STEP UP Creatives Ensemble: Jenny Crowder (Production Manager)

Jenny Crowder, Production Manager, STEP UP Creatives Ensemble

Jenny Crowder, Production Manager, STEP UP Creatives Ensemble

Only a week ago I was looking forward to my first school dinner (in too many years to mention!) and although I never thought it would be the highlight of the two days I’d spend helping out at a school, I was thrilled with my pudding.

But what a two days …

Being the non-performing / production focused / incognito cheerleader of the STEP UP Creatives Ensemble, I should probably be more organised and consider a more structured and systematic approach to writing this interlude blog about being involved with other New Perspectives activities. So as all good (or uncertain) managers do (or intend to do), I’ll start with a list of what I’ll be covering before descending into nonsense … oh wait.

  1. A Blog (oh no – really?! – Nobody wants to hear my ramblings – I’m supposed to hide in the background quietly)
  2. Why the interlude? (Additional Creatives Ensemble activities)
  3. Planning schools workshops
  4. Storytelling magic
  5. Children resembling wild animals
  6. Props and being French ( yay!)
  7. The amazing people we met

Now I’ve done my list I must actually start writing – but how do I write a blog to compare with my amazing ensemble colleagues? Oh yes, this was why I wrote the list…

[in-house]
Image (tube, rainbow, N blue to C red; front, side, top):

2. Why the Interlude?

As a creative ensemble we are having a small pit stop before the home stretch of  rehearsals and performances – reviewing the winning DREAM UP scripts and exploring the themes and what delights us about them – and  although it’s also sad to come to the end of the workshops which we’ve had such an amazing opportunity to be part of,  one of the opportunities of being part of the ensemble has been the chance to get involved in some of New Perspectives core business projects (and for Ollie and I) and the chance to support Tilly with the school workshops that accompany the current co-production of The Butterfly Lion with Curve Theatre, Leicester.

3. Planning Schools Workshops

We managed to squeeze in some beneficial planning time a few weeks ago and after an introduction to the play (which I wasn’t familiar with) we talked through the activities for each workshop. The scheduling gave us a key challenge of devising a session for a group who wouldn’t see the show until afterward the workshop and who would also only be part way through the book, and a session for two groups which would take place the day after the show.

Sessions like the ones we were planning are a great way to build on the excitement of seeing the play and also putting some drama techniques into practice. For a play like this however, I think it’s really special to explore the world of the play. This is a story set in both a not so distant time, in a very distant time and place and in a world many can relate to…  oh and there’s a lion too!

4. Storytelling Magic

I still remember some of my earliest visits to the theatre, and for a story so loved (and these kids seemed to love it) I hoped the play and the workshop would be memorable for them. My favourite moment of being an audience member on the first afternoon was watching some of children (and grown ups) being completely entranced by the show. For me, the story of The Butterfly Lion came completely to life and met all my expectations. The play has some pretty powerful moments both as a story and as a piece of theatre – I can’t pretend to do it justice – but there was plenty for Tilly to explore to make the magic even more so.

5. Children Resembling Wild Animals